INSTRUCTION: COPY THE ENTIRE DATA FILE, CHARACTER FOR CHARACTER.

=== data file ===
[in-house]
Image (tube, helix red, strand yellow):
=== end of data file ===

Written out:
[in-house]
Image (tube, helix red, strand yellow):